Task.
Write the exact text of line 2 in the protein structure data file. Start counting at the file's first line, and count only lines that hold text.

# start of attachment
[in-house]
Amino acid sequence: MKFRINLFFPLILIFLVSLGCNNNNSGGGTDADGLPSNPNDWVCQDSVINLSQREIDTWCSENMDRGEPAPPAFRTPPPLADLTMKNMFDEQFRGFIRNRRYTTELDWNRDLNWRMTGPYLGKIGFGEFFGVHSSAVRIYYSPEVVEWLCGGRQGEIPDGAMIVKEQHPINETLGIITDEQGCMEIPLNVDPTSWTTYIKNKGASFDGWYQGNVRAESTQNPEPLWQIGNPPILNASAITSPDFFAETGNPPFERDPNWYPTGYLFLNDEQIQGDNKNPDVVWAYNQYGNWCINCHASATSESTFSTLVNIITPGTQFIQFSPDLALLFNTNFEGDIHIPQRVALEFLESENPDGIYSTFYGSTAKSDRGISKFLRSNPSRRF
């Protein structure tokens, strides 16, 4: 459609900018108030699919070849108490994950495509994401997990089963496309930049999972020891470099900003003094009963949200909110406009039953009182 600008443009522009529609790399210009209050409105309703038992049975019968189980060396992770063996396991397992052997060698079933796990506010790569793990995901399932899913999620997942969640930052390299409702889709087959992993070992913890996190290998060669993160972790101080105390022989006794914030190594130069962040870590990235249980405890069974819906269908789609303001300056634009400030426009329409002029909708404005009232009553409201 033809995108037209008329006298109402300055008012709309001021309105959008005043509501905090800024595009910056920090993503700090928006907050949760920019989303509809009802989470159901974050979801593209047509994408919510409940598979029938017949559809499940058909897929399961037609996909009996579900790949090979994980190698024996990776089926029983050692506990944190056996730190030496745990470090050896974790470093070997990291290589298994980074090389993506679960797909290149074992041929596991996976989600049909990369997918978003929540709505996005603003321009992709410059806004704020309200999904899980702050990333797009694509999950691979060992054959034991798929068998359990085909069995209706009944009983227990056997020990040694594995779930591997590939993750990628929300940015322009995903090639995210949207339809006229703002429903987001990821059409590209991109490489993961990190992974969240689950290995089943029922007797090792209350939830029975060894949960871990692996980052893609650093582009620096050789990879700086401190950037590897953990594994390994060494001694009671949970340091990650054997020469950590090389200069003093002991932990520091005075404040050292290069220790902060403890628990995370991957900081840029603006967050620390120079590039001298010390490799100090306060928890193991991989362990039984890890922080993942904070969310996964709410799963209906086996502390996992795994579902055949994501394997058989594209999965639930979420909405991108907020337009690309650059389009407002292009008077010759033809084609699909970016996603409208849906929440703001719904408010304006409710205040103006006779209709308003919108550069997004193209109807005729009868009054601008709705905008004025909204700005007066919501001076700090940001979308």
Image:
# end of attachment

Amino acid sequence: MKFRINLFFPLILIFLVSLGCNNNNSGGGTDADGLPSNPNDWVCQDSVINLSQREIDTWCSENMDRGEPAPPAFRTPPPLADLTMKNMFDEQFRGFIRNRRYTTELDWNRDLNWRMTGPYLGKIGFGEFFGVHSSAVRIYYSPEVVEWLCGGRQGEIPDGAMIVKEQHPINETLGIITDEQGCMEIPLNVDPTSWTTYIKNKGASFDGWYQGNVRAESTQNPEPLWQIGNPPILNASAITSPDFFAETGNPPFERDPNWYPTGYLFLNDEQIQGDNKNPDVVWAYNQYGNWCINCHASATSESTFSTLVNIITPGTQFIQFSPDLALLFNTNFEGDIHIPQRVALEFLESENPDGIYSTFYGSTAKSDRGISKFLRSNPSRRF